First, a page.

Set in the Belle Epoque era, The Man In The Read Coat explores the glamour of the era but also the darker side to it fuelled by narcissism and violence.
Samuel Pozzi is very much ahead of his time and it’s a joy to read his story.
9. The Other Daughter, Shalini Boland | 5 November 2019
We love a psychological thriller and the twists in this Shalini Boland novel do not disappoint. If you’ve read the likes of Gone Girl and The Girl On The Train, you’ll enjoy this, too.
The story follows Rachel, whose daughter, Holly goes missing when she’s two-years-old. Nine years later, Rachel meets a new school parent and her daughter, Bella. She’s seen Bella before, because Bella is Holly.
It follows Rachel’s battle to get Holly back. This book is all about the twists.
READ MORE: October’s top 12 new book releases
10. The Light In The Hallway, Amanda Prowse | 11 November 2019
It’s notoriously tough to write about grief, particularly because everybody deals with it so differently. Bestselling author of The Girl In The Corner, Amanda Prowse, manages to talk about it with heartbreaking accuracy.
The story follows Nick after his wife and childhood sweetheart, Kerry, dies. It travels through his grief alongside his teenage son.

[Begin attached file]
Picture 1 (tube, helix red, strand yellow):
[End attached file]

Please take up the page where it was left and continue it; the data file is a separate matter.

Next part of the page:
It seems strange to call a book like this uplifting, but it really is.
11. The Hero, Lee Child | 28 November 2019
This isn’t technically a fiction book, but there’s so many Lee Child fans out there, we had to add in Lee Child’s first ever work of non-fiction.
He talks, in detail, about what makes a hero; from Bond to Achilles and it makes for a really interesting read, particularly because he’s so well-versed in what makes a good hero with Jack Reacher.
Budding writers will love this in the same way that Stephen King’s Am Writing is a very handy writer’s tool.
12. Call Down The Hawk, Maggie Stiefvater | 5 November 2019
Finding the first book of a triology and falling in love with it is a great thing. It means you’ve still got more books to come and you don’t have to fully say goodbye to the story.
Maggie Stiefvater, who you will remember as the best selling author of The Raven Cycle is back with a dreamy book about people who can turn their dreams into reality.
It forms part of the Dreamer trilogy and we’ll definitely be picking up the next one.